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June 1976


This AA pasted fancy labels on her defects of character

I CAME TO AA just like everyone else--unique! Blessed with a desire to stop drinking, I hung on, white-knuckled, trying to figure out how to change enough to reach a comfortable level of sobriety, whatever that was.

I was eager, but deaf. I heard discussions on topics like immaturity and efforts to escape reality. But I thought I was deeply concerned about the sick state of the world, and no wonder such a sensitive person couldn't face that reality. Self-pity? Not me. I bled for everyone else, then suffered because nobody credited me with noble compassion. Resentments? I didn't know what AAs were talking about. I wasn't mad at anyone. I was a disillusioned idealist, despairing about the world in general and everyone close to me in particular. In my self-involved myopia, I had decided that life had betrayed me. Self-willed? How could that be? I had known that alcohol was a problem to me for twenty years, battled it with the "I'll do it myself--I am captain of my soul" attitude. Wasn't that what any strong character would do? I had to admit, though, that I had lost the war.

I couldn't verbalize much at the beginning of my AA life. After I put down the drink that had anesthetized unbearable emotions for so long, I was struck with so many feelings running wild that I couldn't recognize any one of them for what it was. And my rationalizations stayed in the way as walls against acceptance of the real me. My sponsor told me I had a case of the "yes, buts," and that sounded so simple that it must apply to someone else, not to this unique person. She was right, of course. I was "yes, butting" all over the place.

I was sober, but uncomfortable and nervous, so I began to listen better. "Some of us have tried to hold on to our old ideas and the result was nil until we let go absolutely" (Alcoholics Anonymous, page 58). Okay, but what were these old ideas for me?

I was calling my defects by grandiose, pompous names. Immaturity was "dark, stormy reflections on the condition of man"--meaning I was stamping my feet because I wasn't getting my own way. Self-pity was "If my family didn't make so many demands on me, I could write a deeply significant novel"--meaning I wasn't willing to take the risk and searched out others to blame. Acceptance? "Weighted by current problems and knowledge of man's ultimate cruelty to man, who wouldn't drink?"--meaning I couldn't handle my own life, and I wanted out.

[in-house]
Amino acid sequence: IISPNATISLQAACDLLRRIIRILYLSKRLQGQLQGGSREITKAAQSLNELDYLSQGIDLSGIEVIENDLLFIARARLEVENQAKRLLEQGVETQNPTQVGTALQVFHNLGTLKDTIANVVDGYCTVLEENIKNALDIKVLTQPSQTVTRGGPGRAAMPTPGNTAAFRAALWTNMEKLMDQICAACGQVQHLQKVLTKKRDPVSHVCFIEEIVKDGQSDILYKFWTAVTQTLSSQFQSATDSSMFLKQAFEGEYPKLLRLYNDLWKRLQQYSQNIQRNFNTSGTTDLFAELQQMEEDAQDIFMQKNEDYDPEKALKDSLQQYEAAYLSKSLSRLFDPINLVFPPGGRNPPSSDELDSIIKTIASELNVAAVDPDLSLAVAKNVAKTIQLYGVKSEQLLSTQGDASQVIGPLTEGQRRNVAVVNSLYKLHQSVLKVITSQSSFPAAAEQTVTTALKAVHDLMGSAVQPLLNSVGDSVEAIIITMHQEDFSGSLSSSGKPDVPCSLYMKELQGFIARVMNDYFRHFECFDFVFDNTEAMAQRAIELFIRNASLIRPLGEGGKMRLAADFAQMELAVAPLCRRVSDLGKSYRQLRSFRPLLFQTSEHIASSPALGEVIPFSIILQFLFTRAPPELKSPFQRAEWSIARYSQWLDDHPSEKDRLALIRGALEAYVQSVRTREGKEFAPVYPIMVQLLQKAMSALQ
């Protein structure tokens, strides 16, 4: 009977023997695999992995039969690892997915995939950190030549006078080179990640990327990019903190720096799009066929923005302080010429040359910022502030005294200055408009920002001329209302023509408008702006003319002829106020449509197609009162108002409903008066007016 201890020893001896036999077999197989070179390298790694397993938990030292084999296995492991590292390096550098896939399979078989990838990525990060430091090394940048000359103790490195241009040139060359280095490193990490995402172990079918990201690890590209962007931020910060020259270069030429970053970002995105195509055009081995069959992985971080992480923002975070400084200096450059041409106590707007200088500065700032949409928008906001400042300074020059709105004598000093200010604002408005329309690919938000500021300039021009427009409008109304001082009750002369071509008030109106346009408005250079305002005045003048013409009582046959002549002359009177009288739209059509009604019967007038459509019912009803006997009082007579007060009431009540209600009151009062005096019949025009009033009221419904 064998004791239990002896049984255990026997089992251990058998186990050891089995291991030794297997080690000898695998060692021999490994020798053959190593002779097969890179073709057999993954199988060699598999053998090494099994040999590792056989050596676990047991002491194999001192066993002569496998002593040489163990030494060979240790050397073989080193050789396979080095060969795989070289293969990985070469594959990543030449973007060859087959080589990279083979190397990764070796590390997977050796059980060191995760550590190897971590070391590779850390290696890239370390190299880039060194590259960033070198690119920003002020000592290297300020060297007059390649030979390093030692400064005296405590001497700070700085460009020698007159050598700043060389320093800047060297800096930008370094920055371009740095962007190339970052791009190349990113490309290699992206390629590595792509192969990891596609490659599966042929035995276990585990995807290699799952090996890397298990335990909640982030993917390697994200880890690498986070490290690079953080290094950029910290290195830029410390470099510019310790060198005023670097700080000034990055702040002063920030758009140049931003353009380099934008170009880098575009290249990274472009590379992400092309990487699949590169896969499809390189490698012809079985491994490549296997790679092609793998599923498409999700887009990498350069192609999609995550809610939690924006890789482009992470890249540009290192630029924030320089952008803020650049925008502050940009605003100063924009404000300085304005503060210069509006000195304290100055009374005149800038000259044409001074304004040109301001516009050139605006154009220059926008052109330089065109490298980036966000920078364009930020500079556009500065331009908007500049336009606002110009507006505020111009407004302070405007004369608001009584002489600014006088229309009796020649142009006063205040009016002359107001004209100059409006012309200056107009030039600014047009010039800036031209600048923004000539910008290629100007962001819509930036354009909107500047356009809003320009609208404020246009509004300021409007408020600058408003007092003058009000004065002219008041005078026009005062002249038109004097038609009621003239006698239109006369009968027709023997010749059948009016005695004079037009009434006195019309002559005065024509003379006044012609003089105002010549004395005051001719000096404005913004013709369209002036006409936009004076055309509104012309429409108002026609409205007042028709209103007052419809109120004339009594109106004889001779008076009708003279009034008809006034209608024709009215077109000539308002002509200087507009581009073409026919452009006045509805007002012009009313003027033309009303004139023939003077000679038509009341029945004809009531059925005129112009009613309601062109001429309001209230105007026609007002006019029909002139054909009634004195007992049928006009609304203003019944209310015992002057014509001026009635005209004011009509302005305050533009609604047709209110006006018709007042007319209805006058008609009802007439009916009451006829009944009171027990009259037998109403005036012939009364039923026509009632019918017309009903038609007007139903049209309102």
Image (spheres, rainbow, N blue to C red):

Immature? You bet! A neon sign finally lighted up inside. This was the emotional immaturity they were talking about. I realized that I had lived in my emotional playpen long enough, blaming people, places, and things for my drinking. When I didn't like the way I felt, when I was overburdened by taking on responsibility for everyone but myself, I drank. And it had to be "their" fault.

Through sharing the experience, strength, and hope of fellow AAs, I began to accept myself as I was. Because members told me about their inner hearts, I found mine. Instead of remaining a tragic figure caught in a gigantic hoax, I began to shed some of the inner grandiosity. I discovered that the Twelve Steps were specific directions for making necessary changes in my attitudes.

Day by day, as I learn what my defects really are, I grow more willing to give them up, asking God as I understand Him to remove my shortcomings. I'm trying to grow up. No more tragic dramas, because my heart is filing more and more with gratitude for my sobriety today. I am an alcoholic, trying to keep it simple and to live a day at a time. I love being sober. Now I'm comfortable!

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